Workshops for Warriors Helps Fill the Skills Gap


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Workshops for Warriors, a San Diego nonprofit organization that is dedicated to providing job training to veterans at no cost to them, is the only accredited 501(c)(3) nonprofit that trains, certifies and places veterans and wounded warriors into manufacturing careers.

The organization was founded by Hernán Luis y Prado, currently the organization’s president, who served 15 years in the U.S. Navy. Mr. Luis y Prado developed Workshops for Warriors over several years, and it became an official nonprofit organization in February 2011. The overarching mission of Workshops for Warriors is to place veterans and wounded warriors into manufacturing careers by providing training, nationally recognized portable credentials, work experience and job placement.

Addressing the Skills Gap
“The main problem in manufacturing is that there is not widespread training. In U.S. history, manufacturing has depended on the military to provide trained people, but their training has eroded with the use of independent contractors,” Mr. Luis y Prado says. “For 80 years, the military had provided a hose of talent, but about 70 years ago the spigot was turned off, leaving a huge skills gap in manufacturing.”

According to Mr. Luis y Prado, there are more than 2 million unfilled manufacturing positions, and more workers who are currently in the industry will retire within the next 20 years.

“Workshops for Warriors is an accredited school with a 100 percent job placement rate,” Mr. Luis y Prado explains. “These veterans are trained and credentialed through our program at no cost to them and without any state or federal funding. All of Workshops for Warriors’ graduates have careers in welding, machining and manufacturing. We have companies basically waiting outside the doors to hire graduates because there is such a need for new, skilled workers.”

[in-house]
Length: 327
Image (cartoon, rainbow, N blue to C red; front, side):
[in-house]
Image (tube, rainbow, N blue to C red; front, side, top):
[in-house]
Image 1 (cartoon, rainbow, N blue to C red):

The need for skilled workers in the San Diego area alone has companies looking to fill more than 2,500 machining, manufacturing and welding positions. The waiting list for the school has more than 500 veterans on it as well.

Trained, Certified and Credentialed
The school is centrally located in San Diego, next to the 32nd Street Naval Base, and more than 270 veterans are being trained and certified at the 28,000-square-foot facility. The school has three classrooms and four practical skills laboratories for milling, welding, CAD/CAM and machinery repair.

The Workshops for Warriors school is a certified HAAS technical education center, a certified Mastercam training and testing facility, as well as a SolidWorks training and testing facility. Workshops for Warriors curriculum provides NIMS certifications in machining (for milling, turning, CNC machining and machinery repair) and AWS certifications in welding (for stick, mig, tig, pipe, high-pressure, silver nickel, Inconel and titanium welding). The thorough training also includes CAD/CAM Solidworks and Mastercam X7 training, marine fabrication, OSHA 10-hour marine safety certification, OSHA forklift certification, safe hand and power tool usage, blueprint reading and layout and general shop safety.